1937 – August 4, 2013
By Claire Martin
Ad man, beer lover Lew Cady, 76, “was not interested in being normal.” With his mountain man beard, magnetic gaze and outsize personality, Lew Cady operated at full tilt nearly all his life, pulling family and countless friends along in his wake. He died August 4 at age 76.
Lewis Carter Cady was 8-years-old when his family moved to Colorado, igniting eclectic interests. Among his most legendary projects was his journal of Firsts and Lasts, that began with himself (first child born to his parents, 1937), first shot at the Wynkoop Brew Pub’s pool hall (1992), first to drink everything on the Wynkoop tap (2001), first purchase of SPAM ($1 in 1985 at a Safeway on South Colorado Boulevard), first to check out a book from the Denver Public Library’s new flagship (1995), and one of the first four people to drink a beer in every open bar on Colfax on Aug. 11, 1994 .
Beer was important to Cady. He had a craft beer in 50 brew pubs in 50 states, ordered Coors at the National Western Stock Show’s Cowboy Bar, and was livid when the Cowboy Bar added cosmopolitans to the menu.
Cady was a celebrated creative marketing director in Colorado and, for a few years in the 1960s, in New York, a city that matched his relentless drive. Even there, Cady remained a mountain man. He once persuaded a half-dozen or so of his New York friends to fly to Denver, where everybody bought Levi’s and cowboy boots, and then drove to Central City, where Cady, in 1965, bought a house.
“Lew was not interested in being normal,” said his daughter, Jane Cady. “He was a collector of things. Beer cans. Songs about beer. Baseball trivia – not stats, but interesting, weird baseball trivia. “When he was in high school, he memorized pi to 100 places. He knew the square root of 2 to 50 digits. There’s Lew’s baseball side. There’s his beer side,” she said. “There’s the Central City side with Little Kingdom Come and all the weird crazy characters that populated that place for so much of his life. And there’s the Central City side, equally as eccentric, of the opera.”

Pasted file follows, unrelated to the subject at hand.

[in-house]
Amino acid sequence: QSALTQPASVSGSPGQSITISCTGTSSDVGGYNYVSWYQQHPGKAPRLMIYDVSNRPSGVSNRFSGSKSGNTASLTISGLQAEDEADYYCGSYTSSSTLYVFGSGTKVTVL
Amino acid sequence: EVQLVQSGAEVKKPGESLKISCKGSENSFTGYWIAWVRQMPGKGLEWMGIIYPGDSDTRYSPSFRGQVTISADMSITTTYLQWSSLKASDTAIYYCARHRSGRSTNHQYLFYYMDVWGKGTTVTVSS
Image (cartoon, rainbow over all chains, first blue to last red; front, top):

Cady was such a fiercely loyal baseball fan – the Bears, the Zephyrs, and then the Colorado Rockies – that he deliberately sat within earshot of third base in order to heckle the opposing team. He used singular insults, including “That really furs my duck,” a phrase he doggedly tried to insinuate into the Colorado vernacular.
In speech and in print, meaning in the “beery news” that he wrote for the Little Kingdom Come newspaper that he founded in Central City, Cady referred to the mountains as “the pointylands,” another idiom that never made it into the popular lexicon.
For more than 40 years, the Little Kingdom Come was published “whenever we damn well feel like it.” Cady was working on an article shortly before he died. The LKC, as he called it, was a periodical less devoted to, say, county commissioners’ meetings than to the Gunslinger, a photo of a local resident, usually female wearing little more than a cowboy hat, an antique firearm, and an inviting smile.
Cady, who appeared in three Gunslinger photos himself, was as passionate about opera as he was about baseball. He loved being cast as an extra in Central City Opera’s productions, and was elated when indulgent directors gave him small speaking parts in “The Student Prince” and “Gabriel’s Daughter.”
Cady was a graduate of East High School in Denver and Brown University in Providence, R.I. He also earned a master’s degree from Medill School of Journalism at Northwestern University.
Survivors include his wife Leslie Cady of Denver; daughters Jane Cady of Belfast, Maine and Sue Cady of Fairfax, California; a brother, Steve Cady of Kingwood, Texas; and three grandchildren.
A celebration of his life will be held later in Central City.
Reprinted courtesy of Claire Martin and The Denver Post.